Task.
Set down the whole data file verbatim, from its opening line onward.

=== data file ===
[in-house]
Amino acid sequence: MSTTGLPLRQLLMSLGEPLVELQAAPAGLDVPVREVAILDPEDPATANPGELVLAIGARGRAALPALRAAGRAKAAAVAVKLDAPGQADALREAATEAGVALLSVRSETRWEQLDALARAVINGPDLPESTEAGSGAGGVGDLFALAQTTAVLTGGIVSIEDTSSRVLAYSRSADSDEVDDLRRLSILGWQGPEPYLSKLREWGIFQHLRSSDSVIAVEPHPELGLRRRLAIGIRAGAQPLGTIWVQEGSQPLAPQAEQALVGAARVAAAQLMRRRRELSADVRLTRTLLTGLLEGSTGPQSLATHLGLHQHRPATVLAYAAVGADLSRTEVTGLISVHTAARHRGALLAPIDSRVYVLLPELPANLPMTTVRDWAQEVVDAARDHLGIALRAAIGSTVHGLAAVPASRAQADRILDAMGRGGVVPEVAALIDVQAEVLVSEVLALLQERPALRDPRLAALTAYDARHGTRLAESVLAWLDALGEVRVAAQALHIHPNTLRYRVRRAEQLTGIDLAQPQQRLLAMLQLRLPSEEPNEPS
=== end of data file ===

[in-house]
Amino acid sequence: MSTTGLPLRQLLMSLGEPLVELQAAPAGLDVPVREVAILDPEDPATANPGELVLAIGARGRAALPALRAAGRAKAAAVAVKLDAPGQADALREAATEAGVALLSVRSETRWEQLDALARAVINGPDLPESTEAGSGAGGVGDLFALAQTTAVLTGGIVSIEDTSSRVLAYSRSADSDEVDDLRRLSILGWQGPEPYLSKLREWGIFQHLRSSDSVIAVEPHPELGLRRRLAIGIRAGAQPLGTIWVQEGSQPLAPQAEQALVGAARVAAAQLMRRRRELSADVRLTRTLLTGLLEGSTGPQSLATHLGLHQHRPATVLAYAAVGADLSRTEVTGLISVHTAARHRGALLAPIDSRVYVLLPELPANLPMTTVRDWAQEVVDAARDHLGIALRAAIGSTVHGLAAVPASRAQADRILDAMGRGGVVPEVAALIDVQAEVLVSEVLALLQERPALRDPRLAALTAYDARHGTRLAESVLAWLDALGEVRVAAQALHIHPNTLRYRVRRAEQLTGIDLAQPQQRLLAMLQLRLPSEEPNEPS